– Luaan
    Commented Jul 19, 2019 at 12:52
  • This is the correct answer: it is just not allowed. I can incorporate a company and own the only share. I can then inject $50 cash in it. Equity is then $50 (my share), assets are $50 (the cash). I could in theory sell that share to the company treasury for $5. Sure it's a less-than-arm's length transaction, but who cares? No law of mathematics "forbids" it. But country laws do. If it were allowed, the company would simply become a non-profit with $45 in assets. The company would have to reinvest all of its profits (if any) into whatever it does since it won't have anyone to pay dividends to.
    – Pertinax
    Commented Nov 13, 2021 at 1:44

Ignoring regulation, how would this actually happen?

Imagine a company had a market cap of $100 million. Obviously, that market cap includes any cash on hand, so no company could afford to buy its own stock with its own money.

But let's say the company first borrowed $100 million. Now it has $100 million in cash on hand and a debt of $100 million, so the value of the company is unchanged (disregarding any change in value caused by its new liquidity or its new debt ratio).

So now it could buy back, and effectively extinguish all its outstanding stock. Which raises two questions:

  1. Why would any bank or financier lend a company an amount equal (or even remotely close to) its market cap?
  2. But assuming we could locate such a zestfully incautious lender, what would this company be now?

It's now, in some sense, a non-profit: if the company had any money left over after business operations (and of course, as Acccumulation points out in the comments, after paying back its fortunate lender), it would have no one to distribute to. But unlike real non-profits, it wouldn't have a board of directors or any way to have stockholder referenda.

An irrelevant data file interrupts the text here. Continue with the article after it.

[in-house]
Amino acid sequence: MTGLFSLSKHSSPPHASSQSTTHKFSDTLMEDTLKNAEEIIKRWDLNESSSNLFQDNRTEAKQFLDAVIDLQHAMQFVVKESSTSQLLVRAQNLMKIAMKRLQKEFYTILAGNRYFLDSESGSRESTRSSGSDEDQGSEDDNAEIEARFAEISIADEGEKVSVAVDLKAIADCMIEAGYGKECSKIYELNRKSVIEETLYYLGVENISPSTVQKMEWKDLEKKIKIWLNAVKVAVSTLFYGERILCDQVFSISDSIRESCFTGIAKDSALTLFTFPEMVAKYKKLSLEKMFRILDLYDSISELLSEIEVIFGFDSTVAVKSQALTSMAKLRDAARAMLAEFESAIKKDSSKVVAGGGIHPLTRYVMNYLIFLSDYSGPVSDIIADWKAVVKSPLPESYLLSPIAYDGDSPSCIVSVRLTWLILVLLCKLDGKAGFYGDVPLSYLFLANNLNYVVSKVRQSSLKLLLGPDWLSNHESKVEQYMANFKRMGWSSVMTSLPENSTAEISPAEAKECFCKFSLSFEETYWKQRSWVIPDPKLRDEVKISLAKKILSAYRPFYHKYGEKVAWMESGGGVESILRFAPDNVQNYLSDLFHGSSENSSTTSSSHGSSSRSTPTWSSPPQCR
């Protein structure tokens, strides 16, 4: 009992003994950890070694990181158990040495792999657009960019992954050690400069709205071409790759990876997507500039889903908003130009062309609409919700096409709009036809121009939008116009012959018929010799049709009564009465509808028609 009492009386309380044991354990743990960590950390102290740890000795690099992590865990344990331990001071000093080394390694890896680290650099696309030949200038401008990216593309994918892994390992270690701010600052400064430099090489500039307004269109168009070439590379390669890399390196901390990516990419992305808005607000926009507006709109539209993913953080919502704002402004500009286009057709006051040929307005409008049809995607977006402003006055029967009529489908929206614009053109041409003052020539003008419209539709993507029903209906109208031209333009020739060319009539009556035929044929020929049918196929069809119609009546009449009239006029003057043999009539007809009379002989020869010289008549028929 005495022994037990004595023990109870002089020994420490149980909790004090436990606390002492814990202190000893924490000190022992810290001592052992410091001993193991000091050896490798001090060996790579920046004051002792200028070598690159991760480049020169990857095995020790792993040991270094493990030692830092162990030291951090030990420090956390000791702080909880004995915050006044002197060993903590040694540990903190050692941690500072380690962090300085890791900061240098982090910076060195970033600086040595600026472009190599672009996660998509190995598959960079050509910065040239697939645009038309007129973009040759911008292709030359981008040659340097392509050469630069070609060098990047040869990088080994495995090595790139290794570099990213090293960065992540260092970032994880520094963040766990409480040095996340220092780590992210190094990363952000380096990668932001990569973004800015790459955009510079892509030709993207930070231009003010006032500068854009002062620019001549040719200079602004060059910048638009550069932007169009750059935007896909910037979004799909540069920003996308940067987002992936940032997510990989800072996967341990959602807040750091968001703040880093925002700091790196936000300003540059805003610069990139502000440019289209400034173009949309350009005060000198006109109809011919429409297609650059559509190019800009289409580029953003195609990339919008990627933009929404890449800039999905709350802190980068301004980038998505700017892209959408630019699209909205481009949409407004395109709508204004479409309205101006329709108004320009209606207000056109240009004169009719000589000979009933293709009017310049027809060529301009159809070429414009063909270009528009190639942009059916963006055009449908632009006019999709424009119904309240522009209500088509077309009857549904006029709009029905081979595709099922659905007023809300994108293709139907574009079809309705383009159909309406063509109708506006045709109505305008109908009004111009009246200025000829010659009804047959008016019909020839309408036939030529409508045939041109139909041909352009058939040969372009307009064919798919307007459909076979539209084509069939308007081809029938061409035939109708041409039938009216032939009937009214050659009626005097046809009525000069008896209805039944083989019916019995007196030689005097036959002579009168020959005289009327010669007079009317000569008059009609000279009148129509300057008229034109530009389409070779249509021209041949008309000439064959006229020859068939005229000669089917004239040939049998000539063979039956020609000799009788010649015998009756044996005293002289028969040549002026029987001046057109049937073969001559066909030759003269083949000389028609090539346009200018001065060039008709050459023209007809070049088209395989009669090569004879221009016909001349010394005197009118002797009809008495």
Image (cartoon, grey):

This seems like the business equivalent of a black hole, collapsing into a singularity, and no normal rules apply. Which is probably somewhere way down on the list of reasons that regulations forbid it.

  • It doesn't seem that impossible in theory to me. Imagine a company that is almost useless, so it is valued at assets + X for some fairly insignificant X. Then it only has to find someone careless enough to lend it X, rather than the whole value.
    – rlms
    Commented Jul 18, 2019 at 17:06
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    "It's now, in some sense, a non-profit: if the company had any money left over after business operations, it would have no one to distribute to." Yes it would: the bondholders. The company still has to pay back the bonds, and if it fails to do so, then it goes bankrupt, and the bondholders can claim ownership. Commented Jul 18, 2019 at 17:11
  • @Acccumulation -- payments to bondholders are not considered profits. They are part of EBITDA (as amortization and interest), but not net income. Commented Jul 19, 2019 at 2:48
  • @rlms -- no, you would need assets + X from the lender, because you cannot buy stock with "assets" (except cash assets). Commented Jul 19, 2019 at 2:50
  • You can sell assets for cash.
    – rlms
    Commented Jul 20, 2019 at 15:25

A company doesn't manage itself, its shareholder do. Therefore a company cannot buy its own shares. Think of a car: what happens when a car pays its loan to the bank?

What can happen instead is one shareholder buying out all the shares and becoming a single owner. This is not unheard of.

  • But, as opposed to a car, a company is a legal entity capable of committing to contracts and owning things in its own right. And it is not managed by its shareholders, but by managers appointed (or otherwise authorized) by shareholders. Commented Jul 26, 2019 at 12:42
  • @AlexanderKosubek A car is also not driven by the owner but by the driver, and the driver has no business paying the car loan unless they are also the owner. I know that no comparison is perfect. Commented Jul 26, 2019 at 12:58

Realistically, that isn't what would happen, quite.

To start, there will be insiders who hold a significant number of shares.

As such, they elect a fraction of Board members. They will encourage the Board to instruct management to do stock buy-backs. These insiders do not cooperate: they do not sell their shares.